Of course, the new rules will come with a few catches.

In terms of public transportation, what you have access to is dependent on where you live. Naturally, some folks prefer to take matters into their own hands, or out of necessity, to purchase and travel by car, motorbike, and/or breakfast bus. And with the advent of new transportation technology, such as electric bicycles, electric scooters, and Segways, Japan’s National Police Agency (NPA) has decided to move forward in re-writing the rules for smaller electric vehicles, while also unbanning the Segway from public roads.

▼ People may hate to admit it, but this is the ultimate human form.

Previously, the rules which applied to your electric non-automobile vehicle depended on what kind you had. For example, Segways were only permitted in designated areas, typically a park, and one had to have a driver’s license to operate one, whereas electric scooters could not be ridden if they exceeded a speed of 15 kilometres per hour (9.3 miles per hour).

However, with new considerations underway, the NPA is currently determining what regulations stay and which ones get revised. So far, the NPA has chosen to sort smaller electric vehicles into three categories, each with their own specific guidelines. The categories are vehicles which travel at least or below 6 kilometres per hour (3.7 miles per hour), vehicles which travel at least or below 15 kilometres per hour, and vehicles which travel over 15 kilometres per hour .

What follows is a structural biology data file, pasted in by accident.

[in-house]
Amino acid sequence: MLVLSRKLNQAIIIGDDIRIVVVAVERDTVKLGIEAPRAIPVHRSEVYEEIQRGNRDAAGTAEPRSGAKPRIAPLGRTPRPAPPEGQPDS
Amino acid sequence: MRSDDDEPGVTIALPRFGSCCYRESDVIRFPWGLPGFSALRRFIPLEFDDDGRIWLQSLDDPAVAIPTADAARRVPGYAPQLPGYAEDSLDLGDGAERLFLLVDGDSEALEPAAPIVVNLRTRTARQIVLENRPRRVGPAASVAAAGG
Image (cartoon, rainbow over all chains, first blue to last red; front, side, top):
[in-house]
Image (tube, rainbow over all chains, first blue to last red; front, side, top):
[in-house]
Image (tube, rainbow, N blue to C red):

▼ Why get stuck in this gridlock when you can be zooming by on your electric scooter?

For the first category, vehicles which travel at least or below 6 kilometres per hour, these are allowed on sidewalks and don’t require a driver’s license. Curiously enough, they also include self-moving vehicles such as mobility support and automatic delivery robots.

For the second category, vehicles which travel at least or below 15 km/hr, including Segways and electric scooters, are now operable without a driver’s license. Furthermore, folks can choose to either ride them in designated bike lanes or even car lanes. However, once your electric, two-wheeled vehicle hits past that 15-kilometres-per-hour range, then you need a license, plus you can only drive in car lanes.

▼ The NPA also aims to include language in the new rules to encourage people to wear helmets while on the go.

While these new considerations are only from the NPA’s interim report, a report with the finalized regulations should be available by March 2022. For the time being, if you gotta zoom on your electric bike or scooter, strap on your helmet and do it safely!

Source: Asahi Shimbun via Yahoo! News Japan, NHK News Web
Top image: Pixabay
Insert images: Pixabay, Pakutaso (1, 2)
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